Imperial Topaz Information, Facts, Online Buying Tips

What is Imperial Topaz?

Imperial topaz is a special variety of topaz mined mostly in parts of Brazil, especially in the region of Ouro Preto. It is said to have earned its moniker due to its popularity among Russian royalty back to the 19th century, when Ural Mountain mines were an important source.

In the early days topaz was the only gem of importance found near Ouro Preto. The gemstone was frequently referred to as “imperial” topaz to honor Brazilian royalty. It was later called “precious” topaz by some. The words “imperial” and “precious” topaz are often used to distinguish between true topaz and other look-alikes, so although originally referred to the special kind mined in Brazil, today imperial topaz could also mean beautiful natural topaz.

Imperial Topaz Colors

Imperial topaz includes an array of different topaz colors such as yellow-golden, pink, or pink-orange. Most on the market today are made from brown topaz that is treated, and often come out lighter than natural stones. The common Brazilian Imperial topaz can often have a bright yellow to deep golden brown hue, sometimes even violet. The Ouro Preto mines contain mainly of orange and pink topaz. Light purple topaz is also found there. The orange stone looks a lot like citrine, another common gem made from amethyst by a special heating process, some call citrine the "golden topaz", which is really misleading. The two can be identified easily by gemologists base on the hardness, of which topaz is numbered 8 on hardness scale while citrine is less. Unfortunately, some light shades of imperial topaz seem to lose their color if exposed to sunlight for a long time. Therefore, they should stay away from sunny windows and should be taken off when the sun is too bright.

Sometimes citrine and smoky quartz are sold as “golden topaz” and “smoky topaz.” So the word “imperial” along with “precious” are also used to distinguish between true topaz and other look-alikes. When the color is sherry red, deep pink and reddish-orange, the material is classified as Imperial Topaz by most Gemologist.

Imperial topaz is the most sought after in all natural topazes. Its rich golden color is generally not enhanced by any kind of treatment. The most important source was found in Minas Gerais, Brazil imperial topaz with the fiery reddish orange color is usually hard to find; golden to peach colored precious topaz, is sometimes available. Peach hued prisms can be placed in ovens and heated to change a fraction of the gem to pink. This color change is permanent with at the risk of fracturing the stones.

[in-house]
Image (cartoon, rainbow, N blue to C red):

Today, the gem world generally uses the term "imperial" for pink, orange and red topaz that comes mainly from Ouro Prêto. Pink topaz can also be found in the Katlang area of Pakistan.

Imperial topaz is usually a red-orange color, but pink, red, and purple varieties are also common.
Imperial topaz is usually a red-orange color, but pink, red, and purple varieties are also common.

Price Ranges

Compare to other common topazes, imperial topaz obviously has much higher prices, and may cost over $3000 per carat at retail. They should be inspected carefully before purchase. A common “replacement” for topazes is the quart stones. The pink variety looks a lot like the topaz of the same shade, and sometimes quarts are treated to copy natural imperial topaz. Citrine quartz is said to be “orange topaz”, so you need to pay special attention when you see a jewelry labeled as "orange topaz". The difference between quartz and topaz lies in the clearness of the stone. Quartz tends to be cloudy and lighter, while the other is shiny, heavier, and transparent.

Purchasing one of these fabulous stones is a process that requires research, attention to detail, and careful planning.

Buying Imperial Topaz Jewelry Online

Since imperial topaz is quite expensive, you should always exercise your
caution when you purchase a piece of jewelry, especially when buying
online. Reputable jewelry stores don't sell fake or created imperial
topaz as natural, they either don't sell or will state as "created".
bluenile.com, for example, does not currently sell any imperial topaz
jewelry; finejewelers.com has only 4 created imperial jewelry pieces.
Needless to say Amazon and ebay always have everything imaginable,
there's no exception for imperial topazes. As of this writing, amazon
had only 15 imperial topaz jewelry items, out of which only about 6 was
listed as natural, others are either simulated or non-imperial. From the
limited number, I personally feel safer to buy on amazon, but I would
still recommend to do thorough investigation before making the purchase.
I consider ebay a messy place for fine jewelry, if you take a look at
the listings on the right side, you can see some big size (could be
above 30 carats) unheated AAA imperial topaz stones are listed for only
less than $20. Considering over $3,000 per carat for real natural
imperial topaz stone, would you buy from those sellers? I wouldn't for
sure. They may be just some well treated quartz, that's all. So be
careful when you invest in such valuable gemstones. Remember, always go
with reputable jewelers, and use your knowledge and judgment, plus it
never hurts to own a guide book about precious stones.

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